In my Christian experience the one topic that is anticipated but not often discussed is death and dying. I have challenged many to ask themselves, “Is this all there is? Is this the true reality of life? You live and you die and that’s it?” You may ask yourself, when is the last time you had a serious talk in the family regarding death? Although death is one of the inescapable realities of our existence, most people never discuss it. Fortunately, the apostle Paul was not afraid to think about death, or to talk about it, and we are much better off with a clearer understanding because of it. Paul first wrote about the subject at Philippi from a prison cell while facing the possibility of execution. He spoke of physical death as not just a possibility, but as being preferable: "For me a desire to depart and be with Christ is far better" (Phil. 1:21). All of Paul's discussions of life and death are with the idea that for the Christian death is not the end, but a new beginning. Paul speaks with confidence when he writes about death.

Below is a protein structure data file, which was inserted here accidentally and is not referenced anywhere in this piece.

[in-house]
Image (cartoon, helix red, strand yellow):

There is a general agreement among most Christians that death, rather than lessening the person, creates a greater potential for spiritual growth and service while here on this earth. Paul reinforced the idea that there is a continuity between this world and the next by reminding us that, "We must all appear before the judgment seat of Christ." I believe Paul wanted to remind us that we are responsible to God for our thoughts and our actions, both in this life and in the world to come. We live in a generation when most people are terrified by the act of standing before the judgment seat of Christ. I think that was not Paul's point. He was comforted in that the very Christ whom we serve here on this earth is the One before whom we shall stand in judgment to give an account for our deeds.
Remember Christian, you are not being judged for your sins for they have been removed because of Christ, but you are being rewarded for every good work that was done to Christ's glory. In that judgment He will not strike fear in the hearts of those who have discovered God's love and forgiveness, but relief.